3. Charter a Lean-Agile Center of Excellence
Last but not least, the organization must create a Lean-Agile Center of Excellence (LACE). This is a group of people who are devoted to the implementation of SAFe and the Lean-Agile mindset. Many organizations say they are Agile in name, but when you peel back a few layers, it’s hard to find any agility in practice. We find that the main differentiator in these organizations is having a dedicated team in place.
The most challenging part of establishing this team is finding the right people. While most of the team will likely have full-time responsibilities in your organization already, it is likely that you will need to have a smaller group that is completely committed to driving the change.
So what does this team look like? If you have around one hundred agile practitioners in your organization, then a team of 4-6 people is usually enough. If your organization is closer to two hundred or more, then you should look to have a team of 10-12. Since the LACe should operate similarly to the other agile teams in the organization, they should have the following roles:
- Scrum Master to facilitate the process
- C-Level Executive acting as the Product Manager
- Product Owner to prioritize the team’s work
- A few other credible people from across other departments
This team has a lot of responsibilities. The SAFe website has outlined the most important responsibilities in the early stages. We’ve picked a few examples out of their list:
- Communicating the business need, urgency, and vision for the change
- Developing the implementation plan and managing the transformation backlog
- Establishing the Metrics
- Finding the right members for the team in the organization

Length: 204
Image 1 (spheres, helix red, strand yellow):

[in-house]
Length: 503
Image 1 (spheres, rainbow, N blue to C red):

We recommend visiting the SAFe website page that describes the Lean-Agile Center of Excellence for a comprehensive list.
From there, the team will need to help identify value streams and assist the rest of the organization in the transformation. Once the transformation is complete, the LACE responsibilities involve maintaining continuous improvement. Overall, training your Lean-Agile Change agents and executives is imperative to ensure a smooth transition to SAFe. On top of this, the teams often struggle to truly practice SAFe without the Lean-Agile Center of Excellence or a team 100% dedicated to the cause.
Don't miss part 3 in this series where we talk about Agile Release Trains and how to identify value streams.
Learn more about SAFe and Agile Hive: SAFe in Jira
If you are curious about learning more about SAFe or the software-supported implementation of SAFe, ask us about Agile Hive! We would be happy to discuss your requirements for enterprise-wide agile product development and product management with you. Take a look at our Implementation Project documentation to see an overview of what an implementation would entail.
Get in touch with us today, and let us demonstrate how it works in a personal session.